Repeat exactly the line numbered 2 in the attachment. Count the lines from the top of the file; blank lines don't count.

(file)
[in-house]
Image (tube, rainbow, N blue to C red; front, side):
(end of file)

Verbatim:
Image (tube, rainbow, N blue to C red; front, side):